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Arch Biochem Biophys. 1995 Nov 10;323(2):279-87.

Differences in the interaction of heparin with arginine and lysine and the importance of these basic amino acids in the binding of heparin to acidic fibroblast growth factor.

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Division of Medicinal and Natural Products Chemistry, College of Pharmacy, University of Iowa, Iowa City 52242, USA.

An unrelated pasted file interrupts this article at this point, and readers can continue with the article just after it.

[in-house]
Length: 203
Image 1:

Although the interaction of proteins with glycosaminoglycans (GAGs) such as heparin are of great importance, the general structural requirements for protein- or peptide-GAG interaction have not been well characterized. Electrostatic interactions between sulfate and carboxylate groups on the GAG and basic residues in the protein or peptide dominate the interaction, but the thermodynamics of these electrostatic interactions have not been studied. Arginine residues occur frequently in the known heparin binding sites of proteins. Arginine is also more common than lysine in randomly synthesized 7-mer peptides that bind to immobilized heparin and heparan sulfate. We have used heparin affinity chromatography, equilibrium dialysis, and isothermal titration calorimetry techniques to further investigate these interactions. A 7-mer of arginine eluted from a heparin-affinity column at 0.82 M NaCl, whereas the analogous 7-mer of lysine eluted at 0.64 M. Similarly, the putative heparin binding site peptide (amino acid residues 110-130) from acidic fibroblast growth factor, which contained four lysine and two arginine residues, eluted at 0.50 M, whereas the analogous peptide with six lysine residues eluted at 0.41 M and one with six arginine residues eluted at 0.54 M. At 25 degrees C in 10 mM sodium phosphate, pH 7.4, carboxy and amino termini blocked arginine (blocked arginine) bound to heparin twice as tightly as blocked lysine as measured by equilibrium dialysis Similarly, at 30 degrees C in 10 mM sodium phosphate, pH 7.4, and in water, blocked arginine bound 2.5 times more tightly to anions in heparin than blocked lysine. Using titration calorimetry, the enthalpy of blocked arginine and lysine binding to heparin was 1.14 +/- 0.24 and 0.45 +/- 0.35 kJ/mol, respectively, under identical conditions. Our observations show that blocked arginine- and arginine-containing peptides bound more tightly to GAGs than the analogous lysine species and suggest that the difference was due to the intrinsic properties of the arginine and lysine side chains. The greater affinity of the guanidino cation for sulfate in GAGs is probably due to stronger hydrogen bonding and a more exothermic electrostatic interaction. This can be rationalized by soft acid, soft base concepts.

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